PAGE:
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III MEF/MCIPAC Consolidated Public Affairs Office

Okinawa Marines in the Asia-Pacific region

Okinawa, Japan
Engineers blast back to basics

By Cpl. Jose D. Lujano | III MEF/MCIPAC Consolidated Public Affairs Office | April 23, 2014

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Marines initiate the time fuse connected to an omnidirectional charge surrounded by targets April 16 at Camp Schwab during a four-day basic demolition course. The omni charge, also known as a “Frankenstein pie,” sends shrapnel flying in all directions within its blast radius. The Marines participating in the training are with various units assigned to III Marine Expeditionary Force.

Marines initiate the time fuse connected to an omnidirectional charge surrounded by targets April 16 at Camp Schwab during a four-day basic demolition course. The omni charge, also known as a “Frankenstein pie,” sends shrapnel flying in all directions within its blast radius. The Marines participating in the training are with various units assigned to III Marine Expeditionary Force. (Photo by Cpl. Jose D. Lujano)


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Lance Cpl. Nickolaus D. Lopez examines a crater made by the explosion of a 40-pound ammonium nitrate crater charge April 15 at Camp Schwab during a four-day basic demolition course. The enormous power generated by the explosive did not allow for a safe viewing of the detonation by the Marines. Lopez is a combat engineer with Marine Wing Support Squadron 172, Marine Aircraft Group 36, 1st Marine Aircraft Wing, III Marine Expeditionary Force.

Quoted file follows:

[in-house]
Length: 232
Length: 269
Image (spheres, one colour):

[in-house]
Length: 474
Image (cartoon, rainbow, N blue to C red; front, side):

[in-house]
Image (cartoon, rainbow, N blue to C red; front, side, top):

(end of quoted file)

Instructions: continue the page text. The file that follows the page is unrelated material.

Lance Cpl. Nickolaus D. Lopez examines a crater made by the explosion of a 40-pound ammonium nitrate crater charge April 15 at Camp Schwab during a four-day basic demolition course. The enormous power generated by the explosive did not allow for a safe viewing of the detonation by the Marines. Lopez is a combat engineer with Marine Wing Support Squadron 172, Marine Aircraft Group 36, 1st Marine Aircraft Wing, III Marine Expeditionary Force. (Photo by Cpl. Jose D. Lujano)


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An omnidirectional charge is placed in the center of numerous targets April 16 at Camp Schwab during a four-day basic demolition course. The omni charge, also known as a “Frankenstein pie,” sends shrapnel flying in all directions within its blast radius. The Marines participating in the training are with various units assigned to III Marine Expeditionary Force.

An omnidirectional charge is placed in the center of numerous targets April 16 at Camp Schwab during a four-day basic demolition course. The omni charge, also known as a “Frankenstein pie,” sends shrapnel flying in all directions within its blast radius. The Marines participating in the training are with various units assigned to III Marine Expeditionary Force. (Photo by Cpl. Jose D. Lujano)


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Expedient charges to include bangalore torpedoes, shape charges and omnidirectional charges are staged April 16 at Camp Schwab during a four-day basic demolition course. The Marines participating in the training are with various units assigned to III Marine Expeditionary Force.